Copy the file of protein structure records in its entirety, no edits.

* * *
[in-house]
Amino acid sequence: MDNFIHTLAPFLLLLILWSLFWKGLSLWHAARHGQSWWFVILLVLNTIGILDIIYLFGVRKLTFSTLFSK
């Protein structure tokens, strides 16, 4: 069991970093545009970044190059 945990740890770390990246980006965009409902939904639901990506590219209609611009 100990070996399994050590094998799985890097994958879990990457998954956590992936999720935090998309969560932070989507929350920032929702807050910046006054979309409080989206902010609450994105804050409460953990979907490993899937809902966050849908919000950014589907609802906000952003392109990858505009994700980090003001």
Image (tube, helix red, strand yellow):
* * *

[in-house]
Amino acid sequence: MDNFIHTLAPFLLLLILWSLFWKGLSLWHAARHGQSWWFVILLVLNTIGILDIIYLFGVRKLTFSTLFSK
């Protein structure tokens, strides 16, 4: 069991970093545009970044190059 945990740890770390990246980006965009409902939904639901990506590219209609611009 100990070996399994050590094998799985890097994958879990990457998954956590992936999720935090998309969560932070989507929350920032929702807050910046006054979309409080989206902010609450994105804050409460953990979907490993899937809902966050849908919000950014589907609802906000952003392109990858505009994700980090003001």
Image (tube, helix red, strand yellow):